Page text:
Exit 21

Life’s exits and entrances

‘All the world’s a stage, and all the men and women merely players; they have their exits and their entrances, and one man in his time plays many parts.’  So mused the doleful Jacques in Shakespeare’s ‘As You Like It’, going on to mention ‘seven ages’ of each actor in life’s drama, from ‘the infant’ to the ‘last scene of all; a second childishness and mere oblivion’ reminiscent of the portrayal of old age in Ecclesiastes 12:1-7. The famous crooner, Frank Sinatra, also often sang about life as a stage play, ending ‘when I face the final curtain’.

Junction 21

J 21 is our local road system to get onto and off a nearby major motorway. On some journeys it serves as one’s entrance to a northward or a southbound carriageway, but on other occasions it is one’s exit – as is true of every juncture along life’s journey.

Birth was our first exit – from mother’s protective womb, but it was also our entrance into the world of the family circle. Then, our first day at school was a leaving home to go into the realm of education. And the Bible repeatedly presents a wedding as a bridegroom’s leaving of father and mother to enter the bonds of matrimony with his wife. The day of one’s retirement involves a further exit, this time from the pattern of schedules and salary, and one’s entrance into a less structured lifestyle, supported thereafter financially by one’s pension.

Life’s final exit

That last road sign indicating that Junction 21 is just ahead always gives me a buzz of joy, because I know that one mile from there, home welcomes me. The apostle Paul told his friends in Corinth that while he could happily visit them again in his aged, travel-worn, mortal body, he would prefer to arrive at ‘Exit 21’ in order to be ‘away from the body and at home with the Lord’ (2 Corinthians 4:8). And the Lord would be delighted to welcome him in his homecoming, for: ‘Precious in the sight of the Lord is the death of his saints’ (Psalm 116:15).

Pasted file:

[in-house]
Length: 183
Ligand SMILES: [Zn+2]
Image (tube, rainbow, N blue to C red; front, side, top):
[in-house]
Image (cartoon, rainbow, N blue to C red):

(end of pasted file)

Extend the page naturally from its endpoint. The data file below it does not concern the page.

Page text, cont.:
Surely, the most triumphant arrival off ‘Exit 21’ in Scripture was that of the martyred Stephen.

‘He, full of the Holy Spirit, gazed into heaven and saw the glory of God, and Jesus standing at the right hand of God. And he said, “Behold, I see the heavens opened, and the Son of Man standing at the right hand of God.” But they cried out with a loud voice and stopped their ears and rushed together at him. Then they cast him out of the city and stoned him. … And as they were stoning Stephen, he called out, “Lord Jesus, receive my spirit.” And falling to his knees he cried out with a loud voice, “Lord, do not hold this sin against them.” And when he had said that, he fell asleep’ (Acts 7:55-60).

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